Linking pay to good management, it is essential that the employee feels that there is a correlation between their own performance and the pay they receive. Clarity about what kind of behaviour and what kind of work is being rewarded and recognized is necessary to ensure employees model the right behaviour and the right path to achieve peak performance. Effective appraisals are essential here to review performance and evaluate achievement of objectives, together with looking forward to set new goals that both stretch employees and contribute to overall company objectives, whist combining training needs to achieve those objectives.
Generally, appraisals help in succession planning and career of the individual. Once an employee’s contribution has been assessed fairly, there are choices as to how to reward performance. One common way is the bonus. Bonuses are related to the achievement of set objectives which benefit the organisation. Bonuses are seen to act as a motivator, but are not the only type of monetary reward. In some industries commission based incentives are preferred. This type of reward system is generally seen in Sales and Marketing. Generally the percentage of commission is directly related to sales made.
Inter-firm comparison plays a crucial role in designing the reward system. This information derived from benchmarking is helpful to ensure that a firm’s rewards system is positioned correctly within the industry framework. An effective reward system has several benefits. It can clarify job roles and duties, and can link effort explicitly to organisation objectives. Through the management discipline needed to manage the system it both improves communication and reinforces management control. Through improving motivation it can have a positive influence on individual and corporate performance.
Finally, it does have a role in attracting and retaining good performers (Taylor, 2000). Rewards relating to teams or individual tend to have similar effects. To get maximum benefit it is essential for any reward system to consider the individual preferences of the employees. Every employee has different needs and desires, so employees need to be incentivised with something that satisfies them. Finally, as mentioned, reward systems need to be thought of as more than a once yearly event of allotting pay rises and bonuses. Like any type of feedback, it needs to be timely.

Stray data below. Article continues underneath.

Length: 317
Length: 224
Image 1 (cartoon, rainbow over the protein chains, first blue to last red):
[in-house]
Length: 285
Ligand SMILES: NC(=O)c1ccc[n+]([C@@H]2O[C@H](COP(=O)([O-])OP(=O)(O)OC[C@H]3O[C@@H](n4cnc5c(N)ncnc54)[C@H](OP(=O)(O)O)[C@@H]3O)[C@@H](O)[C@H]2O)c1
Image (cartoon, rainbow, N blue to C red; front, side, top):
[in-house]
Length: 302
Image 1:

They should be rewarded soon after they have achieved peak performance and not delayed, so cannot wait for the annual review. This is why a reward system should include small appreciations to recognize effort and success. Best practice is to reward as many employees as possible to avoid ill-feeling between them and also to increase a raise expectations. Management should seek to recognise and celebrate success no matter how small, and reward employees directly responsible for success. Public recognition allows employees to be recognized in front of their colleagues.
Boyens notes that employees should be punished in private and be appreciated and rewarded in public. (2007). It is important to note, however, that reward systems do have a shelf life and do need to be regularly reviewed to keep them effective. Once a reward scheme is implemented, employees may expect to receive it each time they achieve, so introducing new ways to reward and recognize them helps keep it fresh and meaningful. Retention is being seen as crucial to a modern organisation, and far more cost effective that recruiting. Reward systems have the implicit objective of increasing motivation and therefore increasing retention.
There are significant costs associated with staff turnover: recruitment costs; overtime and costs of hiring temporary workers; development costs… (Taylor, 2005). This is especially the case in highly competitive industries, such as that that Commerzbank operates in. Of course, some turnover is healthy- when the “poorer” employee decides to depart from the organization leaving the effective ones and therefore improves organizational performance. However, it is how to keep hold of top talent in an organization than needs to be a priority for management.
Finding the right incentives to retain and motivate the workforce is the real challenge with each industry requiring different solutions. Research into staff turnover shows certain themes that mesh with motivation theories. Surveys show that staff turnover varies by industry with the highest typically in those industries requiring un-skilled labour, performing unskilled tasks – those with the “fewest industry-specific sills”. (Taylor, 2005 pp. 341). This links to the importance of job design in motivation. A method for improving retention is the development of employees. Training feeds into the need for growth by individuals.
Carolyn Martin also made a point of this fact in her “Nurse Management” article. She points out that not all employers make use of the full range of skills that employees have to offer. “When you encourage individuals to maximise their strengths and spend more time doing what they love to do, you’re actually creating the ideal job position. Not just a “job”; it’s a customized professional opportunity that’s hard to walk away from” (Martin, 2004). Essentially what this means is that if an employee goes to work every morning to a job he/she loves and is happy, this will translate in to enhanced organizational performance.